CLEMSON – One by one, they knew it was coming.
Starting early in the week, Clemson coaches and players fielded question after question about next week’s primetime showdown with No. 6 Florida State – and if it will be a distraction come Saturday.
And one by one, they answered via cliché: “one game at a time,” “next-game mentality” and some even said they weren’t sure who they played next week with the 3:30 home kickoff with Boston College (3-2, 1-1 ACC) on their mind.
The No. 3 Tigers’ quarterback didn’t go quite that far.
“Naturally everybody wants to talk about the Florida State game. Just being honest with you,” Tajh Boyd said, who carved up B.C. for 367 passing yards and three touchdowns last season. “But again, you have to remind them that another game is coming before that one. If you don’t take care of business in this game, it won’t even matter when you get to that game.”
What is on the docket in the divisional matchup? Definitely a clash in speed of the game.
Boston College ranks No. 120 out of 123 schools in offensive plays per game (61.4), while the Tigers (5-0, 3-0) pace the ACC and are No. 12 nationally (81.6 per).
“I’m sure they would love to be able to slow the game down and take some of the air out of it and work the clock…Keep us off the field,” Clemson coach Dabo Swinney said. “We’ve got to do a good job when we get the ball to maximize our opportunities and defensively get off the field.
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“Addazio’s got them going with great energy and confidence. We’ll see a little different group than we saw last year.”
That energy from the head coach down is certainly a change in Chestnut Hill under Steve Addazio, and while his team enters as a heavy underdog, he isn’t planning to just hang around.
“Our goal is not to stay in it. Our goal is to win it,” he said. “But what we need to do is we need to play the field position game. We need to control the ball. We need to get off the field on defense. This team is so explosive, Clemson. You guys know that. That's no great mystery.
“When the plays are able to be made, we've got to make those plays and play a very physical football game. We're not going to try to play a fast-paced game. We're going to try to play our game.”
Their game – offensively at least – has centered on three Eagles, all seniors.
Starting quarterback Chase Rettig has thrown every pass, while top receiver Alex Amidon makes up 45 percent of the receptions (32) and 48 percent of the yards (426). Rettig hands it off to the nation’s leading rusher, Andre Williams (768 yards), who’s posted 183 yards per game at Alumni Stadium this fall (four games) and has 35 more rush attempts than anybody else in the ACC.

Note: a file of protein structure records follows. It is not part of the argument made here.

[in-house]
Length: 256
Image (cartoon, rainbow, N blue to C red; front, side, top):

Rettig commands an Eagles attack that’s caught fire the last two weeks, versus Florida State and Army.
He’s completed 31-of-42 passes for 400 yards and five touchdowns in the stretch, while Williams bested that with 48 carries for 412 yards – averaging a stunning 8.6 yards per carry.
That kind of success has raised some eyebrows in TigerTown this week, after surrendering 323 ground yards to Syracuse and over 200 earlier this season to Georgia. Much of the damage has come in big plays, giving up 10 of 20-plus yards and three of over 50.
Swinney says the problems are fixable though.
“The mistakes that we have made are very correctable,” he said. “On defense when you make a critical mistake then you usually pay for it. You have to give the other team credit for taking advantage of our mistakes. It is not a major concern right now.”
Williams was held to only 2.8 yards per carry and a score against the Tigers last season, but Amidon, however, lit up the Clemson secondary with eight catches for 193 yards and two touchdowns in a 45-31 losing effort.
“We didn’t play too good on the back end of that game,” junior Tigers cornerback Bashaud Breeland said. “We let a lot of plays get away from us and our eyes were in bad places. We let receivers get behind us a lot. It really wasn’t a good game as a secondary unit.”
Tigers can't look ahead
With the nation’s leading QB sack outfit in front of them, the Clemson secondary has shown marked improvement through five games, with a top-20 pass defense (17), and in turn, a top-20 scoring ‘D’ (16).
Under new DBs coach Mike Reed, the unit has accounted for seven picks, which has extended the Tigers’ streak to eight consecutive games with at least one interception. Breeland, who grabbed his second pick of the year in acrobatic fashion at Syracuse, says the hands-on teaching of Reed is making a difference.
“He came in and has really changed the culture in this secondary,” said Breeland. “His coaching techniques and drills that he do really help us play our game. He has the mentality that he won’t make us doing anything that he can’t do. You see a coach doing (a drill) and you’re like, ‘I can’t let my coach out do me.’”
The O’Rourke-McFadden Trophy is on the line Saturday, which Clemson has held four of its five years of existence. The Tigers have won by 20 points per game the last two meetings in Death Valley, after Boston College won the first two in Clemson as an ACC member. The series stretches back to the 1940 Cotton Bowl, where Clemson’s Banks McFadden and B.C.’s Charlie O’Rourke met as players in a 6-3 Tigers win.
The Tigers have reached 6-0 nine times in school history, but they are aiming for a mark they have reached only three times in the post-1981 era.